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18Mag: Hungarian Railway History


A game for 1 – 6 players
Playing time is 120 to 240 minutes
Publisher is Lonny Games


18Mag is a train-building and share-dealing board game based on Francis Tresham’s game 1829. Use the hexagonal tiles to create a track network on the map that connects train stations to each other. The trains make journeys from one location to the next, and thereby passengers pay for their journey. Here is where you, as a player, earn money. With the money, you can buy shares and better trains. Are you the player who can handle the train business and deal with dividends as the Director? Let’s start up your engines and get these train hexes on the table! 🚂

Setting up the game

Put the map board and the share price board on the table.

Lay out the charters of the 7 major companies, each with its 8 corresponding 10% shares and 2 major station markers on its appropriate fields.

All 7 share companies receive a randomly assigned starting share price card. The share price token is put on the appropriate space of the share price board.

Put the 20% director shares onto the appropriate space on the share price board.

Lay out the company charters of the 13 minor companies, their tokens, and the terrain tokens.

The the play money. It is considered unlimited.

We advise using poker chips instead, as this makes the gameplay much more fun and easier.

Put all the track tiles – sorted by colors – on the table. At the beginning, only the yellow track tiles are in play. Train cards are placed on the appropriate fields.

Add the three round indicator tiles on the three stacks of the 3-, 4-, and 6-trains, green side up, and three “no train sold” tokens onto their spaces.

Place the round indicator token onto the space “SR” in the yellow hex on the map board.

Put the wooden sticks onto the preprinted spaces on the map board.

Take as many playing order cards as there are players, shuffle them, and deal one to each player to randomly determine the initial playing order. The player with the lowest-numbered playing order card gets the card “Priority Deal” and starts the game.

The setup is related to a 3-player and up gameplay.

Now you’re ready, and let’s run these trains!

Let’s play

The game starts with a share round during which the players choose minor companies and shares of major companies from the starting package. Later, share rounds and operating rounds alternate. As the game progresses, there could be more operating rounds between two share rounds according to the round tile in play.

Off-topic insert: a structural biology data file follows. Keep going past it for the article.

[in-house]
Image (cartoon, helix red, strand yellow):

Operating Round the Minor Company will have the following actions:

– Build track
– Buy and place station markers
– Scrap trains
– Run its trains to earn revenue
– Keep half of the income, pay out the other half to the owner
– Buy trains

Later in the game, tracks can be upgraded from Yellow tiles to Green, Green tiles to Brown, and Brown tiles to Grey. These upgrades will grant more money or provide the reroute you require.

Also, an option for the company is to place stations that represent the company more explicitly in relation to the city where they are located.

During this round, a route consists of at least two different revenue locations that are connected. You can run your trains, and this will create income.

When you buy new trains, this can lead to a phase change. During a phase change, the track colors come into play, as described earlier. This also leads to a new round tile.

Share Rounds are also indicated on the round tiles. During this round, players buy and sell shares. Each player will usually have several turns. During your turn, you may either pass or perform one or both of the following actions in this order:

– Sell as many shares as you want.

– Buy one share certificate.

The end game is triggered by the gray phase. The current operation phase is finished, followed by the last share round and three more operating rounds.

Then each player adds their personal cash and the value of their shares as shown on the share price chart.

The player with the greatest wealth in cash wins the game.

Conclusion & final score

Difficulty: 3.25/ 5
Re-playability: 7
Our score: 7 out of 10 dice

This was our first 18xx based game and we truly had some fun nights. It’s a separate play style in the board game community, which really needs to appeal to all the players. Otherwise, it will be a long evening.

We were surprised by the game quality and the nice tray for the train tiles. Although in the end, it’s a tray that does not get you started immediately, but still better than nothing at all. Because it’s the Hungarian board, truly like that the names and some history facts are part of the main board and rulebook.

It took some plays to get the correct player counts, which finally gave the result that it’s not a game for 2 players. During a 2-player game, there is less interaction in both rounds, which makes the gameplay less interesting.

It really gets interesting with at least 4 players. Then there is a good balance between who buys and sells shares. Also, the board during the operation phases gets a lot more fun.

We want to thank Lonny Games for this review copy and the opportunity to write about this game

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